I love hiking. My favourite outings to take the children on are those that allow us to explore our neighbourhood, nearby parks or hiking trails in forests and nature preserves around the city. Adventures like collecting leaves in the fall, following footprints in the snow in the winter, watching the activities of the birds in the spring or checking out the trees and plants in various seasons.
Many years ago I used a Safe-T-Line when out walking with a group of young children. It looks similar to this one which is available at Quality Classrooms
Mine has twelve pieces in total – two adult belts with a long lead, two additional extensions which can be attached to the adult belts, and eight children’s belts with clips. I usually wore both the adult belts and fitted each toddler with a waist belt before we headed out.
Most of the time the children roamed freely through familiar trails and open spaces. However the walking line came in handy for the parts of the outing where we encountered busy roadways, major intersections or large crowds where noise and distractions made it difficult to communicate. I could quickly attach the toddlers belts to my belts to ensure we all stayed together until we reached an area where we could explore independently again.
It was like having extra hands and the best part was that all of us had our ‘real’ hands free to pick up treasure along the way, point out exciting things we saw, wave at passing motorists, tie shoes etc. It allowed the toddlers to venture freely within an acceptably safe distance. They could begin to learn self control and to follow verbal directions. Even the strong willed toddlers who balked at holding hands and staying with the group seemed to feel independent.
Then, a few years ago when my coordinator was here for a licensing visit she informed me that I was not allowed to use the safety line as it was designed because it ‘restrained’ the children. I was instructed to make the belts into loops and have the children hold the loops with their hands – as long as they were free to let go when they chose to. Sigh.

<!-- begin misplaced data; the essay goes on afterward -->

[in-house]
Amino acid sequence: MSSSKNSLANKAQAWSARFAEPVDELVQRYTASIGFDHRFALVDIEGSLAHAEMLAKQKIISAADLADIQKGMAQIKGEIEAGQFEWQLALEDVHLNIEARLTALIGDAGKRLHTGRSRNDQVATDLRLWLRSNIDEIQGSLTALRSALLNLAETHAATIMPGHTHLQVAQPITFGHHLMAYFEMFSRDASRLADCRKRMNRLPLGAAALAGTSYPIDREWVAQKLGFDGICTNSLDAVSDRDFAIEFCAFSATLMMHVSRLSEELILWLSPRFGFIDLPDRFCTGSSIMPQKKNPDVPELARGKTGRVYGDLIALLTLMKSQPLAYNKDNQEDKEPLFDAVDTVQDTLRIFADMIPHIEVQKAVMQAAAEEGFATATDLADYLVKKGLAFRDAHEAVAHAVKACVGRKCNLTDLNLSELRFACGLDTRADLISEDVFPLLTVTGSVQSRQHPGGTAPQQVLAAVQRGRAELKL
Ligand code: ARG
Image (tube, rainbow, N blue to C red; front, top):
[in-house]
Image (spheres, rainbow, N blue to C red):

I don’t really mind not being able to use the safety line but it has limited our outings. When new children are enrolled our walks are very short – just out the front door around the block and in the back yard to play. Once I am confident that they understand the safety rules we expand the distance we can travel a block at a time. I never take the entire toddler group beyond our secluded residential area and I rarely let the children decide the route – those major intersections are so enticing.
Recently, curious to see if my new coordinator would have the same response as the previous one, I asked for her opinion on the safety line. She reiterated that the children could hold on to the belts with their hands but the belts could not be attached to the children as this would be considered restraining the children. Just to clarify I then asked if it was acceptable to put them in a stroller with a belt. She said yes.
So, I still can’t use the safety line as it was designed but I could go for a ‘walk’ if I piled my group of toddlers into one of these.
Apparently a five point harness in a vehicle that doesn’t allow the children to touch the ground or anything else is not considered a restraint.
I would disagree.
2 thoughts on “Going for a Walk”
Well I used the back pack restraints for some kids when they first come until the learn to hold the stroller crossing roads etc so what’s the difference! I don’t hold on to them like a leash but I do have the leash end in my hooked around my wrist while the children learn to hold my hand or stroller and stay with me. Where we live is considerable quiter then where you are. I like the back packs because the children do have there hands free and can make mistake safely. I hate the ropes where all kids hold on the daycare centre in our town uses that and the kids shuffle along round the block . They remind me of shackled prisoners. One child trips and they all go down. The other thing I don’t understand is how much things Vary between coordinators.
Crazy logic for coordinators Cheryl! I personally would much prefer my children to have hands free to explore and yet still remain safe. I think you are right to disagree. Cheers for the QCC mention 😉